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A talk given by Mary Ann Prior on Constance Villiers Stuart 1876 – 1966

Saturday 14th Oct. 2pm
Bawdeswell Village Hall, Reepham Road NR20 4RU

Mary Ann Prior gave us a finely judged talk on Constance Villiers Stuart who was brought up in Norfolk at Beachamwell. She was a connoisseur of Mughal and Spanish gardens, and was a journalist, author and an artist.

She was the daughter of the Fieldens, a wealthy Lancashire family who owned cotton mills. Her mother Frances was also an artist.

She was a spoilt child, intelligent and always beautifully dressed. Aged 8 her family moved to Beachamwell Hall. Her parents travelled widely for three months of the year. When Beachamwell Hall burnt down in 1903, the family moved to Shingham whilst it was rebuilt to their own design, it was completed in 1906. Constance was very involved in the design of the new garden at Beachamwell. She studied art in Rome and Paris. She met and became engaged to Patrick Villiers Stuart around 1905. He was from an aristocratic Irish family. They were devoted to each other, he was a very relaxed man. In 1910 Constance had a daughter, Patricia, who was left behind when Patrick was posted to India. Constance was undomesticated and wished to accompany her husband. They sailed to Bombay and were posted to Jabalpur. Constance, before leaving for India had searched for books on Mughal gardens with no success, so she created her own garden based on a plan of Paradise Gardens in Persia to create an idea of heaven. She began a campaign to get Mughal gardens restored. In 1914 she published Gardens of the Great Mughals. By publishing her book Constance wanted recognition for her work. She wanted British planners in India to replicate historic Indian layouts rather than using a British vision.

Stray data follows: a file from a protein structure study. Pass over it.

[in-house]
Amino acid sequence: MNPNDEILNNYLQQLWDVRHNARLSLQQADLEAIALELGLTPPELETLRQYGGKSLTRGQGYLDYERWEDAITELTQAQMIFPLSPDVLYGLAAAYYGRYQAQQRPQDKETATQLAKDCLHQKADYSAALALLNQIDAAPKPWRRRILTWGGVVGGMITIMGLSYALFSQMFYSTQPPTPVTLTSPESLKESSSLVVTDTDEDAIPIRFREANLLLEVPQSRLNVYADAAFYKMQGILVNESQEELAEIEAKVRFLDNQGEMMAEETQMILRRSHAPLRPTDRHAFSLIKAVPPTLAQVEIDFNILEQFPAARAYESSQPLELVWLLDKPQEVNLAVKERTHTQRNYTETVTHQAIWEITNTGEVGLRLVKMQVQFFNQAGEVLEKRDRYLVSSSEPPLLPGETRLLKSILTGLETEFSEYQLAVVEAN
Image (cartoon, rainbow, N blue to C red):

In 1915 Patrick was posted to Salonica. Constance joined him after eight months. She then went on to write articles about a woman’s perspective from the front and wrote about the Soldiers Gardens in Macedonia in Country Life. After the war she went on to explore the Moorish gardens in Spain. Firstly the gardens around Madrid and then on to Andalusia and the Alhambra. She was fascinated by the contrast between east and west. She wrote the first book about Spanish gardens which encouraged visitors to go and enjoy them. The book was a great success.

During the Second World War she was confined to Beachamwell Hall – her sanctuary. She started doing flower arranging and wrote articles about it. Her head gardener at Beachamwell was called Mr Turner. She was also asked to advise on new towns after the war, including designing gardens and green spaces. She lobbied for council houses and curated exhibitions of flower paintings.

Constance was always wanting to improve herself and to be well known and respected for what she achieved.

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